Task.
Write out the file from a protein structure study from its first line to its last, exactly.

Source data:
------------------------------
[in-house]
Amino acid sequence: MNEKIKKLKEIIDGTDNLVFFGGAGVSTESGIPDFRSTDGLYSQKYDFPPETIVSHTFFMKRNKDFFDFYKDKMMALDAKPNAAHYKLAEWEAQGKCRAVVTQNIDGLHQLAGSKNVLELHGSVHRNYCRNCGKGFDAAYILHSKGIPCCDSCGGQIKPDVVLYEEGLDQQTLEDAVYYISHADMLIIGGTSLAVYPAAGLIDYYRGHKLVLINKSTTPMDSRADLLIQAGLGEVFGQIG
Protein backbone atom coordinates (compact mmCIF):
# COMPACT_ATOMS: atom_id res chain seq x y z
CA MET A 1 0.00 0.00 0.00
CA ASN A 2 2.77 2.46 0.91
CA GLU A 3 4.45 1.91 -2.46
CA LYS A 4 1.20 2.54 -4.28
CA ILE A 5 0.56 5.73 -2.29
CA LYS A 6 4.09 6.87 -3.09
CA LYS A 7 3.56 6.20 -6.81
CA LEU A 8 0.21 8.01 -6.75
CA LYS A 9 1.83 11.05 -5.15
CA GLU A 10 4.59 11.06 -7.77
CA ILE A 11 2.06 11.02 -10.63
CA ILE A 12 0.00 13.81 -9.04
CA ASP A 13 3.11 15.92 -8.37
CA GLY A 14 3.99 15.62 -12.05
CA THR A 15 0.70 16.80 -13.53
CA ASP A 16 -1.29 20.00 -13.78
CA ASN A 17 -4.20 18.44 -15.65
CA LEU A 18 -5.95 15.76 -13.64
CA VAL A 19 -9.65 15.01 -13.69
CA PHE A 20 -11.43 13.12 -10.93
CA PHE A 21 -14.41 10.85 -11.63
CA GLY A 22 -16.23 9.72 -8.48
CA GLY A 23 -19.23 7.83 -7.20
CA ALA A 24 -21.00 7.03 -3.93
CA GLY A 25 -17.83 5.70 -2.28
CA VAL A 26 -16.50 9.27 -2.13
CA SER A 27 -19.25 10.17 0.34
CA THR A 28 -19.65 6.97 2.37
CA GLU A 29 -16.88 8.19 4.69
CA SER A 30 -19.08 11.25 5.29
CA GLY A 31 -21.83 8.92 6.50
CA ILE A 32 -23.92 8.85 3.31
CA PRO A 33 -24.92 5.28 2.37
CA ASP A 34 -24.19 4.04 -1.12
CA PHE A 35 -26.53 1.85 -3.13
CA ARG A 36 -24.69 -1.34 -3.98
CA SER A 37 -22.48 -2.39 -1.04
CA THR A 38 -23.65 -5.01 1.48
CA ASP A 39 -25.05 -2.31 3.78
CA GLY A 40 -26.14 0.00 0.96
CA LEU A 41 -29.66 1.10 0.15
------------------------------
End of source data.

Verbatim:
[in-house]
Amino acid sequence: MNEKIKKLKEIIDGTDNLVFFGGAGVSTESGIPDFRSTDGLYSQKYDFPPETIVSHTFFMKRNKDFFDFYKDKMMALDAKPNAAHYKLAEWEAQGKCRAVVTQNIDGLHQLAGSKNVLELHGSVHRNYCRNCGKGFDAAYILHSKGIPCCDSCGGQIKPDVVLYEEGLDQQTLEDAVYYISHADMLIIGGTSLAVYPAAGLIDYYRGHKLVLINKSTTPMDSRADLLIQAGLGEVFGQIG
Protein backbone atom coordinates (compact mmCIF):
# COMPACT_ATOMS: atom_id res chain seq x y z
CA MET A 1 0.00 0.00 0.00
CA ASN A 2 2.77 2.46 0.91
CA GLU A 3 4.45 1.91 -2.46
CA LYS A 4 1.20 2.54 -4.28
CA ILE A 5 0.56 5.73 -2.29
CA LYS A 6 4.09 6.87 -3.09
CA LYS A 7 3.56 6.20 -6.81
CA LEU A 8 0.21 8.01 -6.75
CA LYS A 9 1.83 11.05 -5.15
CA GLU A 10 4.59 11.06 -7.77
CA ILE A 11 2.06 11.02 -10.63
CA ILE A 12 0.00 13.81 -9.04
CA ASP A 13 3.11 15.92 -8.37
CA GLY A 14 3.99 15.62 -12.05
CA THR A 15 0.70 16.80 -13.53
CA ASP A 16 -1.29 20.00 -13.78
CA ASN A 17 -4.20 18.44 -15.65
CA LEU A 18 -5.95 15.76 -13.64
CA VAL A 19 -9.65 15.01 -13.69
CA PHE A 20 -11.43 13.12 -10.93
CA PHE A 21 -14.41 10.85 -11.63
CA GLY A 22 -16.23 9.72 -8.48
CA GLY A 23 -19.23 7.83 -7.20
CA ALA A 24 -21.00 7.03 -3.93
CA GLY A 25 -17.83 5.70 -2.28
CA VAL A 26 -16.50 9.27 -2.13
CA SER A 27 -19.25 10.17 0.34
CA THR A 28 -19.65 6.97 2.37
CA GLU A 29 -16.88 8.19 4.69
CA SER A 30 -19.08 11.25 5.29
CA GLY A 31 -21.83 8.92 6.50
CA ILE A 32 -23.92 8.85 3.31
CA PRO A 33 -24.92 5.28 2.37
CA ASP A 34 -24.19 4.04 -1.12
CA PHE A 35 -26.53 1.85 -3.13
CA ARG A 36 -24.69 -1.34 -3.98
CA SER A 37 -22.48 -2.39 -1.04
CA THR A 38 -23.65 -5.01 1.48
CA ASP A 39 -25.05 -2.31 3.78
CA GLY A 40 -26.14 0.00 0.96
CA LEU A 41 -29.66 1.10 0.15